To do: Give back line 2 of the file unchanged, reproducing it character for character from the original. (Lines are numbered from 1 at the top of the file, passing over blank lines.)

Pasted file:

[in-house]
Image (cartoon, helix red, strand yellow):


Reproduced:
Image (cartoon, helix red, strand yellow):